Is the lifespan of someone with an eosinophilic gastrointestinal disorder (EGID) shortened?
The long-term consequences of eosinophilic gastrointestinal disorders (EGIDs) are currently being studied. However, most patients with EGID do not have a life-threatening disease and can live a long life.

Is it typical for an eosinophilic gastrointestinal disorder (EGID) to present very suddenly? Could it have been virally induced? Could it also leave suddenly or could my child grow out of it?
Eosinophilic gastrointestinal disorders (EGIDs) can present acutely in association with a viral illness. Though the start of EGID symptoms may be sudden, it is likely that the EGID intestinal inflammation was present well before the onset of symptoms. The new insult (i.e., the viral illness) may promote the severity of the EGID symptoms because of the underlying problem. However, it is important to note that EGID is a chronic disorder that waxes and wanes. However, it does respond rather rapidly to effective treatment. Effective treatment involve altering the diet or medications. A true remission is only determined by repeat endoscopy and biopsy. An experienced physician should carefully scrutinize the biopsy slides; one must be sure that the problem is truly EGID and not another process.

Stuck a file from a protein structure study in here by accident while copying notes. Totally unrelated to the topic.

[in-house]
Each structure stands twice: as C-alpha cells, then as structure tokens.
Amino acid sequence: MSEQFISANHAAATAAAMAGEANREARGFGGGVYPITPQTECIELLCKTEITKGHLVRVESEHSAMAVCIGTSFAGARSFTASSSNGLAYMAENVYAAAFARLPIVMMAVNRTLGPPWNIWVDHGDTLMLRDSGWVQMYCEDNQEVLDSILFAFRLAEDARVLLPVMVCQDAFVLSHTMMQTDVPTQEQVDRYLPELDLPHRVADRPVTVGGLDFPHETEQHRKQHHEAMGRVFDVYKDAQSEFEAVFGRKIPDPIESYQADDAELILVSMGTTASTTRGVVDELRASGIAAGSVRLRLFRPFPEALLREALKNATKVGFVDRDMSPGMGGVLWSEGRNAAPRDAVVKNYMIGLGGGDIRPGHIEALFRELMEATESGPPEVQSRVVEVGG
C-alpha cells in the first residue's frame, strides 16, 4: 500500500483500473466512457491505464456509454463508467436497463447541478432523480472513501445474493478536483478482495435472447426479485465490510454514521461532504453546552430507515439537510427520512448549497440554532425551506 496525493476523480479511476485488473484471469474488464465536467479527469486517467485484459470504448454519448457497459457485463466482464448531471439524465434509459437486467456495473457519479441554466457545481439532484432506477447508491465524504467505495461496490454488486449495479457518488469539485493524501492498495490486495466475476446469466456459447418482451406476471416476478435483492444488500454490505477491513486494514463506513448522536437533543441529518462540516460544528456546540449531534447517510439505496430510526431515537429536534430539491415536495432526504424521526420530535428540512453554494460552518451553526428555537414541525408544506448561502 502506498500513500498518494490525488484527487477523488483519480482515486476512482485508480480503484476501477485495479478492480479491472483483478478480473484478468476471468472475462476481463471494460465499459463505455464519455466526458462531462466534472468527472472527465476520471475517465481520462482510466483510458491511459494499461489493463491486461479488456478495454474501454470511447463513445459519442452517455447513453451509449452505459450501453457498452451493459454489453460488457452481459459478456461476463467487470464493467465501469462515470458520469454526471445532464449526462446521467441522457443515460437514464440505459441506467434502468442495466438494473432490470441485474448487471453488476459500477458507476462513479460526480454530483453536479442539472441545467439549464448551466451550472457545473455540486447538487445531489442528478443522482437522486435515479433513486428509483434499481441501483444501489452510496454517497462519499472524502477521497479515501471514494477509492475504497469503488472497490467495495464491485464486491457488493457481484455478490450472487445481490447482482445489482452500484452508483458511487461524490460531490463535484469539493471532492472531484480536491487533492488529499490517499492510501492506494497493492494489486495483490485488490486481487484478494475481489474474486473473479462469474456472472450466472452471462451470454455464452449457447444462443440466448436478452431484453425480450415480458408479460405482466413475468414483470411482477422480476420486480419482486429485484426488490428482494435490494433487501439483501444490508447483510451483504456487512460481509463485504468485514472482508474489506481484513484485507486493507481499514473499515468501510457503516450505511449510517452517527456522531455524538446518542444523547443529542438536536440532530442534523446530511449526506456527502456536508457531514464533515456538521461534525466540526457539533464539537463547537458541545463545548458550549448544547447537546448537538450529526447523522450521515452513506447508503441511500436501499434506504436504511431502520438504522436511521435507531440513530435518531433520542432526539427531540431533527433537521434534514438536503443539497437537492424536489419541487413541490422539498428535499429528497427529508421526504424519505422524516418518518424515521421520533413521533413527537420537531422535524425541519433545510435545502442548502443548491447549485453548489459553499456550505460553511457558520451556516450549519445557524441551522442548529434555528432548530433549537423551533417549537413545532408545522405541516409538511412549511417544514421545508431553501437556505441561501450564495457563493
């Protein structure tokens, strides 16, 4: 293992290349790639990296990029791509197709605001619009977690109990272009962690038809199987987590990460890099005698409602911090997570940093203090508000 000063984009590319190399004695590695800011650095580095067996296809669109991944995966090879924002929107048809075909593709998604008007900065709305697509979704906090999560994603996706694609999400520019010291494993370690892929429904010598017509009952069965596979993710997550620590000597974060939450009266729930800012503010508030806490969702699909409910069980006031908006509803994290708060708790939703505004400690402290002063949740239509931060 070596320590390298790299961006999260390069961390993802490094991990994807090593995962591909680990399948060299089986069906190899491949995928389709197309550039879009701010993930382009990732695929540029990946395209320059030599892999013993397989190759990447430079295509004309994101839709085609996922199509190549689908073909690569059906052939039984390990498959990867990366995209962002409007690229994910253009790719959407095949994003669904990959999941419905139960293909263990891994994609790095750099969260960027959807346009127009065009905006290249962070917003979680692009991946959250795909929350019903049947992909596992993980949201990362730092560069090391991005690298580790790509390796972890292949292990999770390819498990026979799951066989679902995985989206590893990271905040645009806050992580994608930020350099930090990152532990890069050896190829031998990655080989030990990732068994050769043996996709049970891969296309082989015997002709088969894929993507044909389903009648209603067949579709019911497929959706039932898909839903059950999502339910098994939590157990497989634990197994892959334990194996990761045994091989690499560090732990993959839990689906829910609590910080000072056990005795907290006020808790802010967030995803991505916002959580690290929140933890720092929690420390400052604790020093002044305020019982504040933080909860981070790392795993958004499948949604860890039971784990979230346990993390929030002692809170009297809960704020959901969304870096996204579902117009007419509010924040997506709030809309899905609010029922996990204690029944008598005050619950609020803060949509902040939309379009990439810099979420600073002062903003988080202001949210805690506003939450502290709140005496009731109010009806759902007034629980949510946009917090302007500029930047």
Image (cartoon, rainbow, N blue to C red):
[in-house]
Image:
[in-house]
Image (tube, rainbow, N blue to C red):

My child was diagnosed with eosinophilic esophagitis (EoE), but his/her allergy tests were all negative. What does that mean?